Leadership
Needs Assessment
Writing A Business Plan
Reimbursement
Delivery Models
Inter-Disciplinary Team
Physician
Nursing
Social Work
Pastoral Care/Chaplaincy
Program Operations
Quality Assessment






Recruiting an Interdisciplinary Team

Seriously ill patients and their families need a team of skilled professionals.

Because the needs of seriously ill patients and their families are typically complex and multidimensional, a palliative care program requires an interdisciplinary team of professionals. Skills include medical evaluation and decision-making, pain and symptom management, professional to patient and family communications, an ability to address difficult decisions about the goals of care, sophisticated discharge planning and an ability to deliver continuity and reliable access. Equally important is the team's ability to work well and communicate effectively with other health professionals. The respect and positive regard of colleagues on the hospital staff are prerequisite to a successful palliative care program.

For consultation and/or for staffing of a dedicated inpatient unit, the core interdisciplinary team typically consists of a physician, nurse and social worker. In addition, the ideal interdisciplinary team includes dedicated staff time from a bereavement or pastoral care counselor. Fiscal constraints may prevent the program from hiring its own social work and bereavement staff. Alternatively, social service and bereavement staff support may be available through a shared arrangement with the hospital social work and pastoral care departments.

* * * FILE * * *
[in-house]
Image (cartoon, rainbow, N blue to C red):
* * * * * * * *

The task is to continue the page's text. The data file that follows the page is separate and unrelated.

The interdisciplinary team should have special training and/or work experience in palliative medicine and in hospice or nursing home settings, as well as familiarity with the demands and standards of the acute hospital culture. Team clinicians will become the professional representatives both of palliative care as a general discipline and of the hospital's palliative care program in particular. They will provide assessment and care to patients and families and handle professional-to-professional communications - both inside and outside the hospital - that are vital to a successful program.

Other interdisciplinary palliative care staff who provide important clinical and support services to the core staff, patients and families include patient advocates, anesthesia pain experts, rehabilitation (physical and occupational) therapists and psychiatry consultants. Again, depending upon available resources, full-time dedicated staff from these areas may not be possible, but shared arrangements with the "home" departments for these services are an acceptable and commonly used alternative.

Related References

1. Karlawish JH, Quill T, Meier DE for the ACP-ASIM End-of-Life Care Consensus Panel. A Consensus-Based Approach To Providing Palliative Care to Patients Who Lack Decision-Making Capacity. Annals of Internal Medicine 1999;130:835-840.
http://www.annals.org

2. Kee F, Wilson RH, Harper C, Patterson CC, McCallion K, Houston RF, Moorehead RJ, Sloan JM, Rowlands BJ, Shields R. Influence of hospital and clinician workload on survival from colorectal cancer: cohort study · Commentary: How experienced should a colorectal surgeon be? BMJ 1999;318:1381-1386.
http://bmj.com/cgi/content/full/318/7195/1381

3. Lo B, Snyder L, Sox H. Care at the End of Life: Guiding Practice Where There Are No Easy Answers. Ann Intern Med 1999;130:772-774.
http://www.annals.org

4. Lynn J, Teno JM, Phillips RS, Wu AW, Desbiens N, Harrold J, et al. Perceptions by family members of the dying experience of older and seriously ill patients. SUPPORT Investigators. Study to Understand Prognoses and Preferences for Outcomes and Risks of Treatments. Ann Intern Med 1997;126:97-106.